Virtual commissioning and digital twins can help automakers and their Tier 1 parts suppliers ensure that their human-robot collaboration projects achieve their desire objectives without posing a safety threat to the human operators.
Many of the goals or objectives of smart manufacturing in the automotive industry, like improving operational efficiencies and reducing waste and energy use require the use of new technologies. One area that is increasingly getting attention is the use of AI and collaborative robots (cobot). Specifically, many automakers and their tier 1 parts suppliers are exploring or expanding the field of human-robot collaboration (HRC).
Certainly, manufacturers have used industrial robots for decades. They were typically tightly programmed to perform limited or specific tasks. What’s new is that today’s generation of robots are smarter and more autonomous. Many have vision systems and image analysis capabilities and can take independent actions based on the situation presented to them. For example, an intelligent robotic system could see that a part on a production line is in an incorrect orientation, move the part into the correct orientation, and continue an assembly task.
Another new aspect to the use of intelligent robotics is human collaboration. Human-robot collaboration teams robots with human counterparts. There are several distinct types of collaborative work that such systems can perform. Different interactions include:
Co-existence: In this scenario, the human and robot work independently on different tasks. An example is a robot lifting heavy parts and assembling them along a production line while the human provides oversight and quality control.
Synchronization: In this scenario, the human and robot each perform different dependent tasks that must be done in a certain sequence. The two need to interact with each other to ensure the operation stays in synch. An example is when a human operator’s job is to load a machine with parts or raw materials for the robot to perform a specific manufacturing task along a production line. The human and the robot must exchange information for this to work. The human must let the robot know the needed parts are loaded, while the robot must inform the human when it is low on parts or materials.
Collaboration: In this scenario, the human and robot work closely together. The action one has an immediate impact on the other. Such interactions required a high level of communication and coordination between the two. An example of this type of interaction is when a human operator and robot work together to assemble a complex component. The robot might be responsible for lifting a heavy part into place or precisely positioning a part. And the human would perform more nuanced aspects of the task, such as aligning parts.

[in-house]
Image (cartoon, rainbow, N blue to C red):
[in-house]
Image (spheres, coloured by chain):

In a collaborative environment, humans and robots must continuously interact. That might involve the robot alerting the human (via lights, text on a control screen, or other means) that a step in a chain of events is done. Comparably, the human must exchange information, letting the robot know one of the human’s steps is done or the robot needs to take an action. That might be done by pressing a button, checking a box on a console screen, or articulating it to the robot via a voice command.
Human-robot collaboration, virtual commissioning, and digital twins
Human-robot collaboration requires that robots be able to perform a wide range of tasks, adapt to different environments, and work alongside humans without posing a safety threat.
Advanced planning is needed to ensure that humans and robots work together productively. Their moves need to be orchestrated. And there often needs to be constant refinement of the interactions in the actual deployment environment. These are all areas where smart manufacturing can help automakers and their tier 1 parts suppliers.
To that end, virtual commissioning is essential. Virtual commissioning makes use of digital twins and simulations to model, optimize, and manage assembly processes before they are physically implemented. The work typically uses digital twins and simulation models that make use of advanced analytics and artificial intelligence.
Virtual commissioning allows manufacturers to try different placements of the robot and plan and test interactions between the human and the robot. The work can help identify things that need to be changed before building the systems or putting them in place in a work cell, production line, or factory.
A digital twin representation of the human-robot collaboration can be used to train human operators before the equipment is installed. Such virtual on-the-job training can provide the equivalent of real-world experience before the human ever touches or interacts with the robot. That valuable knowledge obtained virtually, in turn, enhances productivity gains and safety.
The same digital twin of a human-robot collaboration can be used to monitor operations once the system is deployed. Data about the HRC interactions can be fed back into a digital twin to look for potential safety problems and find ways to fine-tune the interaction to improve operations.